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  • The morning sun is selecting bush and shadow like a spotlight.
    No finer day has existed than this one so full of hours.

    Today will end with a boat ride and the mainland will be in my wake.
    I will have a short visit to Gotts Island.
    “Will you check my trees?” my mother asked, “There is a new oak I put in the side field, let me know how it is.”
    My Father is not interested in how things are when he is not there. He wants to be there.

    We will take a bag of food, the clothes on our back and little else.
    Longer visits require more:
    Tanks of gas, tools and implements for off shore gardening,
    Bulk food items for making bread, biscuits and cakes,
    Footwear for rocky salt water, dry rocky terrain and dew soaked grass.
    Even in the height of summer the nights are cool.

    I am taking my cat to my niece for summer camp. The cat used to belong to my niece but when she went to Uruguay, the cat moved in with us.
    We named her Bessie, after a song and a singer.

    Although this morning it would have been Billie, I keep hearing Billie Holliday’s voice singing, “From now on, I’m traveling light.”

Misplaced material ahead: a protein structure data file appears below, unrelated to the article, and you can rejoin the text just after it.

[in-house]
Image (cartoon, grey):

The refrain repeats in my mind and lingers.

    It may have been 2 months ago, recently, I thought my Father had unfriended me.
    Odd to even have a parent as a friend, first, and a strange modern dilemma, second.
    I sent out a query to my siblings and sister-in-laws.
    They were reassuring and I was vulnerable.
    While quietly, and relentlessly, pursuing the matter I joined an on-line writing group and wanted to post story I had finally brought out to the light.

    I first wrote the story ‘Summer of Love’ while I was at University, in a writing class.
    It sat in my drawer from 1982 until 2009 when I found myself in Boston full of early memories and the story began to grow again.
    I was afraid to show the story to my parents but I had to if I was going to post it.
    I was afraid of criticism or discouragement and afraid I would stop writing again.
    But I gave them the story to read.

    They were deeply moved by my story. It was something my family had not talked about, ever.
    But it was also their story; it was really my Father’s story.
    When I got up the courage to post it, not only onto the Cowbird site but also out and beyond, my Father sent me a note privately, but also one in public, on facebook, as my friend.
    He said I captured his feeling of going out to the Island that he still has 40 years later, after that Summer of Love.

    In many ways I am a prodigal daughter.
    But I laid down my sword a long time ago and took to a paintbrush and pen.

    When I step onto the boat today I will be thinking of time and journeys, my own and my Father’s.
    I will hear, over the roar of the engine, Billie Holiday,
    Traveling Light.
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